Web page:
St. Ambrose, Reluctant Bishop of Milan

St. Ambrose, Reluctant Bishop of Milan December 8, 2019
Bishop Ambrose welcomes Emperor Theodosius back into the Church with a blessing.
Ambrose castigated Emperor Theodosius for a vengeful massacre of 7000 people.

A provincial governor in fourth-century Italy, Ambrose was drafted to serve as bishop before he was even baptized. Reluctant to serve the chuch at first, he took the task seriously when he finally accepted the call. Ambrose gave away all of his possessions, took up a strict schedule of daily prayer, and committed himself to the study of Scripture. Called from the world of politics to serve the church, Ambrose was a leader who spoke truth to power and did not back down, insisting that “the emperor is in the church, not over it.” (From Common Prayer: A Liturgy for Ordinary Radicals, December 7)

This is the second in the series on heroes of the faith that my favorite prayer book asks us “ordinary radicals” to join in our prayer lives. To a diverse audience of Protestants and Catholics, the authors explain the idea of praying with a very Catholic idea: We never pray alone. For Christians there is a new “we.” “Our family is transnational and borderless.” And, We must connect our prayers to the rest of God’s children throughout the world and through all time and space. These are people who “are reading the same Scriptures, singing the same songs, praying the same prayers, and grafting their lives onto the same old story.”

Ambrose, governor turned bishop

Ambrose was born into a wealthy family, the son of the prefect of the province of Gaul in the Roman Empire. By age 30 he was governor of Italy’s northern provinces. Immediately he had to deal with theological controversy between Arians and those who held what became the orthodox position. Christianity Today says he was “so well regarded that both sides supported him.” CT continues:

When the bishop of Milan (an Arian) died, Ambrose attended the meeteing to elect a replacement, hoping that his presence would preempt violence between the parties. Much to his surprise, both sides shouted their wish for him to be their replacement.

Ambrose had not yet been baptized. In eight days and after the people thought fit to arrest him, Ambrose went from unbaptized to bishop.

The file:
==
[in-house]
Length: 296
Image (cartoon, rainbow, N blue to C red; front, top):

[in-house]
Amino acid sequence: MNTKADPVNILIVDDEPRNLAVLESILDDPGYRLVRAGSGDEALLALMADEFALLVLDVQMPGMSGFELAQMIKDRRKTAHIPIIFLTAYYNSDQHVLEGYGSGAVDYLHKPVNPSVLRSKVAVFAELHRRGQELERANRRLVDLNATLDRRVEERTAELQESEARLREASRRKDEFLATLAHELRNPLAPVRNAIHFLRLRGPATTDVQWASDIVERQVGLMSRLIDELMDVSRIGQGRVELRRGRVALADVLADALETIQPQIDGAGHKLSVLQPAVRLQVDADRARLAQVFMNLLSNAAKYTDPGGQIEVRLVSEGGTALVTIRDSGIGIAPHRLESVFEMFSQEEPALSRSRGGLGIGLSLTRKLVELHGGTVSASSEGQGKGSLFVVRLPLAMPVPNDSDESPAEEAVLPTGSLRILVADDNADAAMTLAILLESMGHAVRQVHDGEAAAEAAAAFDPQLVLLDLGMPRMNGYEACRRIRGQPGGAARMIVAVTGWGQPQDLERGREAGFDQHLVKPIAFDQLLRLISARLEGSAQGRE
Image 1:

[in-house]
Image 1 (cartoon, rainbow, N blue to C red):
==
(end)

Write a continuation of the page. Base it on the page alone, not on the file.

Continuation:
Cultured defender of the faith

Ambrose turned out to be a fierce opponent of Arianism and defender of orthodoxy. Ambrose knew Jewish, Greek, and Latin classics and contemporary Pagan as well as Christian writings. He kept this broad background with him and often incorporated neo-Platonic ideas in his sermons. His approach to the Old Testament was highly allegorical, and his sermons were masterpieces of classical literature.

A young man named Augustine, skeptical, searching, and leaning toward Arianism, heard of the famous Ambrose. After four years of Ambrose’s teaching, Augustine accepted baptism and went on to become that age’s greatest expositor of the orthodox faith.

The many-talented Ambrose also left his mark on the music of the Church. He promoted hymn singing during liturgies and “bewitched” the people of Milan with the Eastern melodies of the hymns that he wrote. You can listen to one of Ambrose’s hymns here:

On becoming bishop Ambrose renounced his worldly wealth. He was a persuasive preacher of the ascetic life. Nobles forbade their daughters from attending his sermons for fear they would give up their marriageable status for a life of virginity.

Conflicts with the emperor

The politically powerful Ambrose set a pattern for the relation between Church and state. As Christianity Today puts it, “He wrestled with three emperors—and won each time.” Two incidents especially indicate two different sides of his legacy.

A charioteer from Thessalonica was a people’s favorite, but authorities imprisoned him for homosexuality. A riot broke out and the governor and some others were killed in the chaos. The Charioteer went free.

In revenge Emperor Theodosius announced another chariot race but had something quite other in mind. His soldiers locked the gates on the assembled crowd and within hours killed 7,000 people. Ambrose demanded that Theodosius do public penance and forbade him to attend church until he did. It was the first time that Church triumphed over state.

Britannica reports a second incident that doesn’t seem so benign on Ambrose’s part. Theodosius had punished a bishop for burning a Jewish synagogue. Ambrose rebuked the emperor!

Ambrose remained on friendly terms with Theodosius, who died in Ambrose’s arms. In actions, sermons, letters, and funeral orations for Valentinian II and Theodosius, he established the concept of a Christian emperor. A son of the Church, the emperor serves “under orders from Christ.”

Credit for image of Ambrose and Theodosius: Archdiocese of Washington


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  • Erica

    I’ve recently come to know Ambrose as a particular friend in heaven. I lost my younger sister some years ago, and St. Ambrose’s sermon at his brother’s funeral spoke more clearly and beautifully into the particular pain of losing a sibling than I ever could. In particular his description of his brother and himself as a pair of oxen, and the words: “But now, brother, whither shall I advance, or whither shall I turn? … in the one degree of relationship you expended on me the duties of many, so that I long after not one only but many lost in you,” could have been spoken by my own heart. We’re lucky to have such an intercessor.